Right from the inception of the fair, there has always been a baby, or two, or three. (Now there are too many to count) These miniature versions of The Fair adults would come to be affectionately known as The Fair Babies. Where children get to spend what seems like the larger part of their childhood for one weekend, being completely free, safe, and nourished by a community of arts and culture. With Maureen’s own children, Ryland and Gillian, being the first Fair Babies, I asked her what it was like devoting so much time to this organization while also raising two children.
“When they were little I was so worried that they were going to resent it. And I think there were times when they probably wondered what it was that was so important that took time away from them. Both Trent and I tried very hard to keep them busy and involved. When they were in their early teens I remember thinking these kids are going to run in the complete opposite direction from this once they have the freedom to do so. I thought just because it’s your parents thing doesn’t mean it’s going to be your kids thing.”
But, to her surprise, both Ryland and Gillian started getting more involved. So much so that Maureen thought, wow they have taken on big jobs! It all happened so quickly for the kids, and then all of a sudden it was a yearly thing – and a major one at that – that they were so eager to do again and again?
“How grateful can you feel as a parent because I never expected it. And now, aside from my kids there is this beautiful group of young people that are young enough to be our children. They have their babies and we have another generation that feels the same way about The Fair that my kids did when they were little, it’s better than Christmas, they often say. This whole new community is the breath of The South Country Fair. When we started up Rock Camp two years ago, I realized how f$&*#@! important it is to these kids. They work hard for 5 days with mentors and perform a showcase of the weeks work on a beautiful stage with great sound and a big audience. They get to feel what it’s like to be a rock star. They’re hooked man. Completely and utterly hooked.”
“I think that SCF has grown the way it needed to grow and the way any organization needs to grow. You need to take your time with it, make sure you’re within budget but always challenging your audience. We never looked at it as something that was going to make money, for us. Each year was a new year to help educate in the arts and hopefully have people going home saying, ‘Wow I’d never heard of them and they’re fantastic.'”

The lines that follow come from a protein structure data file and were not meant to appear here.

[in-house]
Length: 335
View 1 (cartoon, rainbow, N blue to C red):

For Maureen, it’s always been about a very slow process. Each year a another step forward from the last. Not only that, she’s always considerate of accepting everyone, so long as it’s a safe environment. Because of that, people always feel welcome, and a strong need to keep coming back. And after 25 grand years of being the main Artistic Director for The South Country Fair’s main stage, she passed it off in 2011 to the new Artistic Director, Jana MacKenzie. Given that The Fair is ever-evolving, I was eager to know what the legacy of the fair looked like, after having poured all of her resources into it for so long.
“The only thing I really hope for The Fair is that it continues to be a place that people see as a pilgrimage, and they feel accepted and safe. It’s a weekend in their life each year that allows them to not have to worry about life’s struggles.
“If the fair does evolve into something that is different than what we have had in past years, I’m OK with that. As long as it still holds the same gentle energy.”
I asked her to pick out something that reminded her of The Fair, something small enough to fit in her hand. She picked these earrings – or rather little buckets! Every year when packing to get ready, Maureen always brings a little bit of cash so that on Sunday she can go pursue the goods in the vendor area. One year she found these earrings – she went so far as to tell the vendor that they were the most beautiful earrings she’d ever seen. She smiled, “If i have a shower and I’m wearing them and I forget to tip them over and empty out the water they’ll drip on me all day.”